MUSCOVADO-JI5A3368Bridport Arts Centre 9 May 2015
BR Rating *****

By John Pownall

1808, the West Indies – sugar is king on these islands placed at one end of the heinous triangle of trade that joined Bristol to Barbados, Liverpool to St Lucia, and back to the shores of West Africa from whence the slaves came who grew the cane that made the Muscovado.

That history is at the heart of this tremendous production brought on tour by the Surrey-based company, BurntOut Theatre, whose founder, Clemmie Reynolds, takes the leading role as Kitty, wife of the perennially-offstage, constantly-referenced Captain. Clemmie’s own recovered family history of plantation owners on Barbados provided much source material for Matilda Ibini’s tight, memorable, and at times poetic script.

The acting is superb. From the charismatic Alexander Kiffin as Asa, the servant farmed out to stud to “replenish the herd” after “fresh” slaves become scarce following abolition, to the wonderfully energetic and sensitive portrayal of Willa, the servant girl, by Sophia Mackay, this young cast is as good as we’ve ever seen at Bridport Arts Centre, and as good as you’ll see in many a West End production. It’s unfair to single out any individual, so strong are the performances throughout, but Adam Morris’s Parson Lucy is as sickeningly sanctimonious a portrait of the colonialist’s sense of racial hegemony as one could imagine. You really want Asa to give him a good kicking after he’s made the gentle but powerful servant lick crumbs from the floor; if this is a man of God, one reflects, then there’s something badly wrong with his reading of the Bible. Ibini’s script is a gift to any actor in this role.

Words such as visceral , stunning, and brutal were banded around during the mid-show interval, and, as many of us reflected: It’s a true story, too. But somehow the play and its performance manage to bring both light and dark on to the stage despite the weight of the past. The production manages to be great fun at times as well as being grim drama at others. In one sequence, Willa carries out a minor, solitary act of rebellion at Kitty’s table; she casts sugar from a bowl into the air and lets it shower her face so she can catch it in her mouth. This, the product of the stuff her own people harvest so slavishly in the fields, is denied her as a servant, and so she takes a liberty in stealing from her owner, laughing and jumping with joy as her face is shrouded with the silver granules. She is caught of course, and, quite literally, scalded as punishment by Kitty.

This ability to move quickly from light to dark is the key to the show’s dynamic. There is also clever, emblematic irony in Kitty’s explanation of the manufacturing of the sugar from cane, a process that takes place in England as the pure white stuff is boiled and milled from the dark Muscovado – like a symbol of the two cultures that meet so violently on the island. “You have been stealing from England,” says Kitty, just as she raises the hot tea-pot above Willa’s trembling hand; a fine case of the pot calling, one might reflect.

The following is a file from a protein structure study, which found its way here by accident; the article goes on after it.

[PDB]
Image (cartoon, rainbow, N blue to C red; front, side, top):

The production also boasts fine music (if occasionally a tad intrusive when intended as background) from James Reynolds (Emmie’s brother), which mixes the hybrid cultures swinging from Baroque cantatas to Caribbean dance rhythms, and some clever choreography right after the interval. The set is simple but effective and the costumes perfect. All in all, one of the best little touring productions you’ll be fortunate to catch this year.

If you missed it at BAC (and many of you sadly did), then do try to see it at the Brewhouse Theatre, Taunton, on 12 June; it’s well worth the journey.

By |May 10th, 2015|Bridport Arts Centre, John Pownall, Review|0 Comments

Far from the Madding Crowd

Electric Palace

Red Carpet at the Palace

Electric Palace 17 April 205
BR Rating ****

By Margery Hookings

When Mapperton House first showed its golden, ham-stone face on the big screen at the Electric Palace, I almost wept. The landscape was an English version of Tuscany glowing in the evening sun.

It was a night full of emotion, as tenants and farmers from the estate gathered in the balcony for the Dorset première of Far from the Madding Crowd.

What an occasion. They’ve probably never all been into town like that together, as one group. And while the luvvies and London PR girls did air kisses and tottered around as if they had been prototypes for Ab Fab, the gang from Mapperton and neighbouring hamlets merely smiled and said “all right?”.

It was a surreal experience, walking into the foyer along a red carpet lined with spring flowers, twinkly lights and security guards.

The film is an adaptation of Thomas Hardy’s classic novel, with screenplay by One Day novelist David Nicholls. Doubtless it will be compared with the 1967 film by John Schlesinger starring Julie Christie, Peter Finch, Terence Stamp and Alan Bates. It compares well: it is darker and more intimate in places, with more emphasis on character rather than plot, which is what drove Schlesinger’s film.